Number of Rights Needed to Purchase a Share

National Power wants to raise $5 million in new equity. Suppose the subscription price is set at $10 per share. How National Power arrives at that price is something we will discuss later, but notice that the subscription price is substantially less than the current $20 per share market price.

Ross et al.: Fundamentals I VI. Cost of Capital and I 16. Raising Capital I I © The McGraw-Hill of Corporate Finance, Sixth Long-Term Financial Companies, 2002

Edition, Alternate Edition Policy

548 PART SIX Cost of Capital and Long-Term Financial Policy

At $10 per share, National Power will have to issue 500,000 new shares. This can be determined by dividing the total amount of funds to be raised by the subscription price:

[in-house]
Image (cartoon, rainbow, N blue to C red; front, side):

Funds to be raised

Subscription price

Because stockholders always get one right for each share of stock they own, one million rights will be issued by National Power. To determine how many rights will be needed to buy one new share of stock, we can divide the number of existing outstanding shares of stock by the number of new shares:

Number of rights needed Old shares to buy a share of stock New Shares

2 rights

Thus, a shareholder will need to give up two rights plus $10 to receive a share of new stock. If all the stockholders do this, National Power will raise the required $5 million.

It should be clear that the subscription price, the number of new shares, and the number of rights needed to buy a new share of stock are interrelated. For example, National Power can lower the subscription price. If it does, more new shares will have to be issued to raise $5 million in new equity. Several alternatives are worked out here:

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